Coffee seems complicated: innumerable factors influence the aromas, tastes, and structure in a cup before it’s even roasted. We want to make you smarter about coffee and help you to choose coffees that you will enjoy drinking with this introductory coffee guide.
It all starts with taste.
Our guiding principle is “the best taste wins.” But what are we tasting for? For easy reference, here’s how to taste coffee like a pro.
What factors influence taste?
Specialty coffee is magical because it can express a sense of place in its flavour, called terroir. Terroir denotes the geography, geology and climate of a growing region and includes soil types, weather conditions, and farming practices. Elevation is critical for great coffee, ideally between 1200m and 1800m above sea level. As elevation increases, so does the density of the beans and denser beans have more sugar, more acidity, and more complex aromatics compared to softer beans from lower elevations.
While no two coffees are alike, coffees that hail from the same major growing region exhibit a family resemblance. To keep it simple, here are two essential flavour families:
Classic and balanced
Often nutty, chocolaty, and toasty. They can also be fruity and floral but in a supporting way. If you like a classic cup, look for single origin coffees from Latin America, especially Guatemala, El Salvador, Colombia, and Brazil. If you want this flavour profile but you prefer a bit more body and a little less acidity, go for the Espresso JJ blend.
Fruity and floral
Classic flavours almost disappear, supporting aromas of berries, stone fruit, black tea, citrus oil, and flowers. This is Africa’s jam. Look for single origins from Ethiopia, Kenya, and Rwanda. The Eastside blend gives you a good dose of fruit from the natural Ethiopian, but balanced out with classic elements.
Like wine? What’s your favourite grape? Cabernet Sauvignon? Chardonnay? Coffea Arabica has many varieties (or varietals, cultivars), each with their own characteristics that express uniquely depending on the terroir. Pinot Noir grown in the Willamette Valley of Oregon will share similarities with the same grape grown in Burgundy, France, but will taste markedly different due to differences in terroir. The same is true of a Bourbon coffee grown in Antigua, Guatemala and a Bourbon planted in Kivu, Rwanda.
Some varietals you’ll commonly see listed on our labels:
Bourbon: Natural mutation of Typica with excellent cup quality.
Catuai: A productive and sturdy dwarf hybrid of Caturra and Mondo Novo.
Caturra: Dwarf natural mutation of Bourbon with similar cup quality with higher yields.
Ethiopian Heirloom: Some of the most aromatically amazing coffees ever. Often floral and lemony, especially in Yirgacheffe.
Geisha: Ethiopian variety made famous in Panama for its floral and citrusy characteristics. Very pricy because of rarity.
Maragogype: Massive size. Can be fruity.
Mondo Novo: Natural Brazilian cross of Typica and Bourbon with high yields.
Pacas: Natural mutation of Bourbon. A classic of El Salvador.
Pacamara: Large-size hybrid of Maragogype and Pacas with creamy body and lovely fruity characteristics.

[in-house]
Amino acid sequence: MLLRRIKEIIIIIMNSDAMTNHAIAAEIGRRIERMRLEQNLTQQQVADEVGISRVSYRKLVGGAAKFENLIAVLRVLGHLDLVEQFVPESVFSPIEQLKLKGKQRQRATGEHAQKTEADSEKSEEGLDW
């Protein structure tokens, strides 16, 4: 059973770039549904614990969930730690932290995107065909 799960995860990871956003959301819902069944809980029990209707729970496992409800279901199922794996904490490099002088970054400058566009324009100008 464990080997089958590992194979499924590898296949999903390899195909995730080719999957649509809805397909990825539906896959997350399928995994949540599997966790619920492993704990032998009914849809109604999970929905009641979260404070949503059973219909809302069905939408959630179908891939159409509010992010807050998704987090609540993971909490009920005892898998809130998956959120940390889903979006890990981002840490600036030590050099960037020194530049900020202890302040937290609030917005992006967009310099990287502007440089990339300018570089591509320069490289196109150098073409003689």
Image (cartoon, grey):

SL-28: Excellent, distinctively fruity/winy variety produced by Scott Laboratories in Kenya.
SL-34: More disease resistant than SL-28 but perhaps not as high in cup quality.
Typica: The OG coffee variety and the mother of many, taken from Yemen and spread the world over. Low yields but high quality.
Villa Sarchi: Dwarf mutation of Bourbon first grown in Costa Rica.
How the coffee is converted from a cherry to a green coffee bean ready for roasting has a tremendous impact on its flavour. This conversion from cherry to green bean is called a processing method.
There are three general categories of process: washed, semi-washed, and natural.
Washed coffees are the cleanest tasting coffees (notable absence of earthy or ferment flavours) with the most pronounced acidity. With some exceptions, most great specialty coffees are processed using the washed method.
Semi-washed coffees often have less acidity and more rustic flavours than washed coffees. Of the many versions: pulped-natural Brazilians have a tobacco-like note, honey-processed Costa Ricans may exhibit raisin or prune-like notes, and wet-hulled Sumatrans are usually intensely earthy and herbal.
High quality natural processed coffees from Brazil are less fruity than those of Ethiopia, which explode with berry and other fruit flavours.
The final flavour of coffee is produced through roasting, even if the coffee is roasted to a very light colour. Lighter roasts have become fashionable and exciting, but some taste vegetal and grassy which is just as bad as a darker roast tasting burnt. The real question is, “Which roast do you like?”
Origin characteristics are best expressed at this stage (the flavours that reflect terroir, varietal, and processing method). Tastes reminiscent of toast, malt, raw sugar, and the lighter stages of sugar browning are upfront in Latin American coffees but in the background of most African coffees at this roast level. The body will be lighter, with acidity taking center stage. Sound good? Drink single origin coffees.
Body develops and acidity is muted, creating balance. The coffee will be rounder, fuller, and mellower. Aromas produced by the roast at this stage may include caramel, roasted nuts, cocoa, and chocolate. This is our go-to espresso colour for Eastside, Espresso JJ, and Decaf and it allows all of these blends to be used for espresso and drip.
You’ll find lots of body, no acidity, and smoke! You’re looking for Railtown. Nothing else will satisfy you.
Learn more about our coffee roasting philosophy: flavour and freshness.